One of the most amusing stories about ECs is that Jenny McCarthy, the antivaccination expert who thinks that all ingredients in vaccines are dangerous, has become an advocate for vaping. I bought a brand new, upgraded version 4.7, nuclear powered irony meter, and it just broke. It’s possible Jenny caused a nuclear accident in my house.
Although it may seem like I write only about the lies and ignorance of the antivaccination cult, I truly despise all kinds of pseudoscience. It’s just that refusing vaccines that prevent real diseases, based on antivaccine misinformation (OK, lies), relates directly to the health of real children everywhere. Most (but certainly not all) other pseudosciences are not that dangerous, just terribly annoying.
With respect to ridiculous health beliefs and fads, I declare 2014 to be the Year of Gluten. I swear that there is more popular discussion of gluten than organic food, though I suppose that organic, GMO-free, gluten-free food would be the next billion dollar idea.
Like avoiding carbohydrates, fats, GMOs, and whatever else, gluten free diets have some relationship to real science and medicine, but it has exploded into a fad that has far exceeded the real medical issues surrounding gluten sensitivity.
Published 18 January 2015
This article was written by Dorit Rubinstein Reiss, Professor of Law at the University of California Hastings College of the Law in San Francisco, CA.
Dr. Reiss writes extensively in law journals about the social and legal policies of vaccination. She is also member of the Parent Advisory Board of Voices for Vaccines, a parent-led organization that supports and advocates for on-time vaccination and the reduction of vaccine-preventable disease.
Today, on Friday, January 16, 2015, Dr. Robert (Bob) Sears, a California pediatrician and author of a controversial book on vaccines (critiqued here, pdf, or here by the fine folks at Science Based Medicine) wrote in his Dr. Bob’s Daily and published on his Facebook page that measles is only rarely fatal in developed countries and that serious complications are rare. (In the likely event that Dr. Sears decides to delete his misleading comments, it’s archived here permanently.)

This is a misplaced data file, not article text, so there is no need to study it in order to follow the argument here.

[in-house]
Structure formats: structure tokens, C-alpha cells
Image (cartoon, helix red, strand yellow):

Dr. Sears’s comments were false. And they were irresponsible. In a way that can put people – including children, including his patients – at serious risk. This is not the first time Dr. Bob Sears has made inaccurate claims about a vaccine preventable disease, but on the background of the current measles outbreaks, the risk from his behavior is more imminent and more obvious. It is appropriate to react.
(more…) «Dr. Robert Sears misleads parents…»
During this past week, a 25 day old baby in Santa Barbara, CA died from pertussis, commonly known as whooping cough (caused by the Bordetella pertussis bacteria). The disease can be easily prevented by the DTaP or Tdap vaccines (also protect against tetanus and diphtheria), which can be given to infants as early as 6 weeks to 2 months old.
According to the California Department of Public Health, infants who are too young to be fully immunized or those who are not vaccinated are most vulnerable to severe and fatal cases of pertussis. In 2014, 66 of the pertussis hospitalizations cases were children four months of age or younger. Two infants have died of pertussis in California during 2014.
(more…) «Why we vaccinate–to protect our…»
Published 30 December 2014
Updated 14 January 2015
For those of you who don’t know, Mr. Andy Wakefield fraudulently alleged a connection between the MMR vaccine and autism which has had the effect of suppressing vaccination rates in many countries. His claims were based on a retracted paper published in the Lancet, a mostly respected medical journal who seemed to have forgotten how to do proper peer review back in the late 1990’s.
Recently, Dorit Reiss, a frequent contributor to my blog, posted an article that debunks the myth that Andrew Wakefield is probably innocent of all charges made against him by the UK’s General Medical Council (GMC). Basically, some of the antivaccination crowd believes that because Wakefield’s partner in the fraud, Professor John Walker-Smith, had his own decision by the GMC overturned, it is considered evidence that Andrew Wakefield was wronged when the GMC found Wakefield, too, guilty of serious ethical violations.
And the delusional vaccine-causes-autism crowd at Age of Autism still think that Wakefield is a god of the myth–they mindlessly shill for the sociopath claiming he’s innocent, even pulling out the myth, mentioned above, that Dorit Reiss effectively shredded.